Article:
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Product Details

  • ISBN-13: 9781580891530
  • Publisher: Charlesbridge Publishing, Inc.
  • Publication date: 7/28/2006
  • Edition description: Reprint
  • Pages: 32
  • Sales rank: 824,327
  • Age range: 3 - 7 Years
  • Product dimensions: 9.11 (w) x 9.04 (h) x 0.13 (d)

Meet the Author

Barbara Barbieri McGrath was a nursery school teacher before she dedicated herself to writing children's books full time. She is the author of THE LITTLE RED ELF, THE LITTLE GREEN WITCH, and many bestselling math concept books. Barbara lives in Natick, Massachussetts.

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Customer Reviews

Average Rating 4
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Sort by: Showing all of 3 Customer Reviews
  • Anonymous

    Posted November 9, 2011

    Great Halloween read!

    My four year old grandson loved this book. It was his favorite of the season. Would highly recommend for this age group.

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  • Posted November 11, 2009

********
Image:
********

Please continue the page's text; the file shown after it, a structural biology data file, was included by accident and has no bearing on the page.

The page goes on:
Cute twist

    Great twist on the Little Red Hen.

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  • Anonymous

    Posted July 23, 2005

    DELIGHTFUL ILLUSTRATIONS WITH A THOROUGHLY ENJOYABLE TEXT

    The little green witch is one of the most people friendly crones to be found. Illustrator Martha Alexander portrays her as a bit of a pixie (even though she is bright green and definitely wants her own way). Having things her way can be difficult as she lives in a hollow tree with a ghost, a bat, and a gremlin. These three also have minds of their own. About all the ghost wants to do is float above a large steaming black pot, while the bat likes to spend his time hanging in the broom closet. The gremlin is usually found snoozing in the dark, damp under the sink cupboard. Thus, little green witch is left to do all of the 'unhousework.' The poor thing worked herself into a frenzy spreading soot, hanging cobwebs, and dirtied laundry. One day she found some pumpkin seeds and asked her tree mates to help her plant them. Do you think any of that lazy trio would lift a hand (as if ghosts had one)? Well, the little green witch planted the seeds all by herself and it wasn't too long before the pumpkins were fat, ripe, and ready. Once again, she asked for help in picking them. Same story - not a one of the trio would come to her aid. Now, the little green witch didn't take this lack of community spirit lying down. Youngsters will laugh at what she's finally driven to do. Delightful illustrations with a thoroughly enjoyable text.